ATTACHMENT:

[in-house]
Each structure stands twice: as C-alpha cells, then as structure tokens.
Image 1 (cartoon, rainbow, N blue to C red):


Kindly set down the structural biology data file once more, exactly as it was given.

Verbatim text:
[in-house]
Each structure stands twice: as C-alpha cells, then as structure tokens.
Image 1 (cartoon, rainbow, N blue to C red):